Indian Finance Minister Arun Jaitley speaks during a press conference in New Delhi on November 9, 2016. 
India's government tried to quell the panic November 8 caused by a bombshell decision to withdraw 500 and 1,000 rupee notes from circulation after cash machines ran dry and shares slid. A day after Prime Minister Narendra Modi announced the notes would no longer be legal tender in a blitz against "black money", his finance minister said replacement 500 and 2,000 rupee bills would be available from November 10 and only tax dodgers stood to lose out from the move. / AFP PHOTO / PRAKASH SINGH
Indian Finance Minister Arun Jaitley speaks during a press conference in New Delhi on November 9, 2016. India's government tried to quell the panic November 8 caused by a bombshell decision to withdraw 500 and 1,000 rupee notes from circulation after cash machines ran dry and shares slid. A day after Prime Minister Narendra Modi announced the notes would no longer be legal tender in a blitz against "black money", his finance minister said replacement 500 and 2,000 rupee bills would be available from November 10 and only tax dodgers stood to lose out from the move. / AFP PHOTO / PRAKASH SINGH

Visakhapatnam: Finance Minister Arun Jaitley today put up a spirited defence of demonetisation, saying the drive “shook” the financial system for a short while, but will integrate the shadow economy with the formal in the long run and ensure better tax compliance.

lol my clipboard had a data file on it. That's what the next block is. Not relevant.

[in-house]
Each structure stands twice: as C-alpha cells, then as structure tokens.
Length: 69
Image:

He said most contentious issues regarding the Goods and Services Tax (GST) have been sorted out between the Centre and states and the new indirect tax regime is at the final stages of implementation.

“This (demonetisation), coupled with GST, in the days to come will ensure much larger revenues as far as states and the central government are concerned and expand the size as far as the formal economy is concerned,” Jaitley said at the CII Partnership Summit here.

Stating that India is largely a tax non-compliant society, he said states and the central government struggled with their revenues to run the system which created an unfair enrichment in favour of the evader.

“It also becomes very unfair on the normal taxpayer because what the evader manages to evade is what the compliant has to pay more,” Jaitley said. The government, therefore, decided to demonetise the high denomination currency, “which shook the system for some time”.

Jaitley said demonetisation has gradually increased the process of integrating the shadow, parallel and informal economies in far greater number with the formal economy.

“The size of the formal economy is expanding, so are the transactions in the banking system and through the digital mode,” he said.

As for the implementation of GST, the finance minister said new indirect tax regime will make India one single market, eliminate multiple assessments, check evasion and bring more revenues into the system.

“I am glad that almost all state governments have actively co-operated in making this a reality. Most of the contentious issues have been sorted out in the GST Council, a forum where you will see deliberative democracy in action. Those are now at final stages of implementation,” Jaitley said. The government plans to implement GST, which will subsume excise, service tax, VAT and other local levies, from July 1.

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